Why was France called France?
French belongs to the family of romance languages, that is, originated on the basis of the Latin language, which was spoken in Ancient Rome. The name “Francia” in Latin means literally “land of the Franks”.
Until the V century BC, Gauls lived in the territory of modern France, and the country was called Gaul. Subsequently, the country was captured by the Romans, but the former name remained.
And in the First century BC, Germanic tribes began to invade Gaul from the North: the Burgundians, Visigoths, and Franks. It was the Franks who delivered the country from Roman rule, while at the same time adopting the language and culture of the Romans. They began to call their country the “Kingdom of the Franks” (“Regnum Francorum”) in Latin.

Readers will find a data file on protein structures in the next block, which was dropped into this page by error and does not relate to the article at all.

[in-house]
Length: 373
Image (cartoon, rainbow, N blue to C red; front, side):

And the country became officially known as France more than a thousand years later, since 1190.
As for the name of the Franks themselves, historians and philologists did not agree on the name of this people. There are versions that it comes from the words “wandering”, “wandering”, as well as “proud”, “noble”, “brave”, and even “wild”, “ferocious”.